DALLAS – Negotiations to build George W. Bush's presidential library at Southern Methodist University have divided the campus, pitting the administration and some alumni against members of the liberal-leaning faculty who say the project would be an embarrassment to the school.
Some professors have complained that the combined library, museum and think tank would celebrate a presidency that unnecessarily took the country into a war.
The fear is that the library "will continue to espouse the philosophy and practice of the Bush administration, which has seriously divided our nation and has brought the ire of other countries," said William McElvaney, a retired professor at SMU's theology school and co-author a November opinion piece in the campus newspaper titled "The George W. Bush Library: Asset or Albatross?"
SMU emerged as the front-runner in the competition last month when the library site selection committee said it was entering further discussions with the 11,000-student, private university in one of Dallas's wealthiest neighborhoods. The project will be financed with a private fund drive aimed at raising at least $200 million.
Bush connections to SMU run deep. First lady Laura Bush is a graduate and is on the board of trustees. Vice President Dick Cheney previously served on the board. Presidential adviser Karen Hughes and former White House counsel Harriet Miers are both graduates.
SMU officials said the project is unlikely to be derailed by the faculty opposition, and said the professors opposed to it are in the minority.
Brad Cheves, vice president for external affairs and development, said the library could help recruit students, attract visitors and increase giving. "It raises the profile of SMU no matter how people feel about President Bush," he said.
White House spokeswoman Dana Perino declined to comment. And a spokesman for former Bush administration Commerce Secretary Don Evans, chairman of the library search committee, would not comment on whether the objections from some of the 600 faculty members would affect the panel's final decision, expected in a few months.
As for the students, Luis Arango, a 21-year-old junior and political science major, said on campus Friday: "This school has a very conservative vibe, and most of the students like Bush. The only people who don't seem to be the faculty. I know for a fact that some are real liberal and I don't think should be teaching here."
As for the alumni, many of them are wealthy and conservative. And Mike Boone, who is on SMU's board of trustees and earned undergraduate and law school degrees from SMU, said an overwhelming majority of alumni support the Bush library project.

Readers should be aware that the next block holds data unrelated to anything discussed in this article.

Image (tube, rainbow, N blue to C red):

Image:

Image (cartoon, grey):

"It's prestigious and brings a lot of value to a university," said Boone, a Dallas lawyer who has known Bush since he was Texas governor.
McElvaney warned that not only could the library hurt SMU's reputation, it could also become a target for terrorists or others who want to strike back at Bush, McElvaney said.
"Dallas is already known as the city in which President Kennedy was assassinated, so does Dallas want a Bush library that could become a prime terrorist target?" McElvaney asked.
The library of the president's father is on the Texas A&M University campus in College Station.
Universities often compete to host presidential libraries. But this is not the first time that the political passions of the day have stirred resistance to such a project.
In 1981, Duke University faculty members, by one vote, voted against continuing discussions to build Richard Nixon's library there. Nixon graduated from Duke Law School in North Carolina. Duke's trustees voted to build the library anyway, but negotiations with Nixon officials eventually broke down. The Nixon library was eventually built in Yorba Linda, in his native California.
"It was obvious this was going to be a memorial to glorify the career of Richard Nixon rather than be a repository of his papers," said Lawrence Evans, a retired Duke physics professor.
Native Texan Lyndon B. Johnson's library was built on the University of Texas campus in Austin during the Vietnam area. During the 1971 opening ceremony, hundreds of protesters chanted anti-war slogans and released black balloons. Demonstrators also marched around campus, throwing bottles, cans and rocks at police, and dozens were arrested.